College freedom takes a toll on nutrition

By Harsha Bellamkonda

College students are busy people. Maintaining a healthy balance between our classes and social life isn’t easy, but for the most part we accomplish it all the same. However, most of us frequently ignore a crucial aspect of our lives — our diet.

I know I have, and I admit I’m not the healthiest eater out there, but I used to have a few good habits when it came to nutrition. Drinking two full glasses of milk a day and eating a piece of fruit during every meal were only a few of the many ways I enriched my diet. That completely halted once college began – I simply made no time for making sure I was eating healthily.

The magnitude of this problem escapes most people. For example, it seems there are many students who just skip breakfast or lunch. Even I still do that sometimes. It’s not beneficial, but frequently, eating a well-rounded meal takes a back seat to the work we have to do or the classes we have to attend…or we’re just too lazy to leave our dorm rooms.

It seems as soon as we leave home, our food choices take a turn for the worse. Brad Cardinal, a professor of exercise and sport science at Oregon State University agrees. Cardinal is one of the authors of a study by OSU researchers, in which the eating habits of 582 students were surveyed.

Prior studies have shown that when people prepare food at home they tend to eat better and consume fewer calories. However, regarding the OSU students he said, “We found that students skipped meals fairly frequently, which could account for some of the lack of fruits and veggies.” (http://oregonstate.edu/ua/ncs/archives/2011/aug/study-college-students-not-eating-enough-fruits-and-veggies)

Robert Sniezko, a freshman in DGS, has attested to this as well. When asked if he was eating differently now that he was in college and if he thought other students ate unhealthier, he replied, “I ate healthier at home…Although most people have time to focus on eating right, they ignore it at this point. Most students believe that they’ll just have time later in their lives to learn how to cook for themselves and eat healthier.”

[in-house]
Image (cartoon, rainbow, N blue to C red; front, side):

But one thing for sure is that skipping meals is a terrible idea. If you skip just one meal it causes your blood sugar levels to fall, and if you’re skipping breakfast they’ll never rise at all.

If your blood sugar drops too low, you can have a low blood sugar reaction, called hypoglycemia, and your body cannot perform its normal functions. Also, your metabolism slows down, as your body tries to conserve energy. This means that the food you do eventually take in isn’t burned off very efficiently. (http://www.womenshealthmag.com/weight-loss/effects-of-skipping-meals)

Adults are supposed to have more than six servings of breads, cereals, and rice, at least five servings of fruits and vegetables, and two servings of milk, yogurt or cheese per day. (https://en.wikipedia.org/wiki/Food_pyramid_(nutrition)#/media/File:USDA_Food_Pyramid.gif) If we don’t, we’ll be low on vital nutrients such as Vitamin C, potassium, iron, calcium, etc. (http://healthyeating.sfgate.com/consequences-not-eating-fruits-vegetables-6202.html) (http://www.washingtonpost.com/wp-dyn/content/article/2011/01/09/AR2011010903921.html)

We can’t keep up with these minimum requirements if we skip breakfast or lunch. If you’re running low on time, cereal or bananas are amazing energy boosts that work well in short spans of time, while providing energy and nutrients. In fact, research has proven that just two bananas provide enough energy for a strenuous 90-minute workout, and cereal similarly provides nutrients in the form of both dairy and carbohydrates. (http://rense.com/general85/bananas.htm)

There are many healthy options at the University Housing dining halls, as long as students know how to find them. They even provide nutrition information for everything they serve to ensure we have the ability to make informed eating decisions. (http://www.housing.illinois.edu/dining/menus/dining-halls) This is a great incentive for students to monitor their food intake.

We might not have the time to go to deep into how much nutrients each item is providing, but we can use nutrition information to make sure we’re eating the right amount of the right types of food every day. Keeping track doesn’t take long, and it helps so much.

Nowadays, I now make sure I eat enough, instead of going hungry just because I have homework. Easy solutions are readily available to keep up on our nutrition, both with how often we eat and what we’re consuming. I for one, am going to take advantage of them and everybody else should, too.